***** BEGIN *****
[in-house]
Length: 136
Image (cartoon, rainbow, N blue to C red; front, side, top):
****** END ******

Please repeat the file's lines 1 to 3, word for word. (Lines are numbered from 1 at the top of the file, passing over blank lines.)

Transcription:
[in-house]
Length: 136
Image (cartoon, rainbow, N blue to C red; front, side, top):